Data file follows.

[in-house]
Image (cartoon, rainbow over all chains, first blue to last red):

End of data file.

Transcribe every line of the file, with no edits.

[in-house]
Image (cartoon, rainbow over all chains, first blue to last red):